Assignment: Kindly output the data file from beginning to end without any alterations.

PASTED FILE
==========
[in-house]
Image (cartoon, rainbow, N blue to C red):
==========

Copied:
[in-house]
Image (cartoon, rainbow, N blue to C red):